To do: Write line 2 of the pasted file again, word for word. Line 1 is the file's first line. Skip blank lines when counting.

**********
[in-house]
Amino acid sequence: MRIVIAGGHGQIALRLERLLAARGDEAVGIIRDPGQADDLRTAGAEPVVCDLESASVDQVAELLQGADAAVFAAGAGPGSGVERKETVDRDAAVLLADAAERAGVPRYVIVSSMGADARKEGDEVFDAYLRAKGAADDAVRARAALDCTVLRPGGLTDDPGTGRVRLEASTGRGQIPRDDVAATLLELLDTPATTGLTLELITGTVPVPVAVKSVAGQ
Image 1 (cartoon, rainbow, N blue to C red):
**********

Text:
Amino acid sequence: MRIVIAGGHGQIALRLERLLAARGDEAVGIIRDPGQADDLRTAGAEPVVCDLESASVDQVAELLQGADAAVFAAGAGPGSGVERKETVDRDAAVLLADAAERAGVPRYVIVSSMGADARKEGDEVFDAYLRAKGAADDAVRARAALDCTVLRPGGLTDDPGTGRVRLEASTGRGQIPRDDVAATLLELLDTPATTGLTLELITGTVPVPVAVKSVAGQ